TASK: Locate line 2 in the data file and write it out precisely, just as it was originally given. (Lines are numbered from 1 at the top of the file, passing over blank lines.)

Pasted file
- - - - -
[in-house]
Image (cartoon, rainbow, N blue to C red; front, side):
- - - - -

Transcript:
Image (cartoon, rainbow, N blue to C red; front, side):